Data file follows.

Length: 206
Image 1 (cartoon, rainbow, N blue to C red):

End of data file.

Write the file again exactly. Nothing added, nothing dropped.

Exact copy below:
Length: 206
Image 1 (cartoon, rainbow, N blue to C red):